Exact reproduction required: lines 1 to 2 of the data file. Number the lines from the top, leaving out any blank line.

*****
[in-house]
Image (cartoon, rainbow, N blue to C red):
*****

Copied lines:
[in-house]
Image (cartoon, rainbow, N blue to C red):